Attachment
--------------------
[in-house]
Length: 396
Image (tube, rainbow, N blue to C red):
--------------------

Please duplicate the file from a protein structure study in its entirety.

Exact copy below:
[in-house]
Length: 396
Image (tube, rainbow, N blue to C red):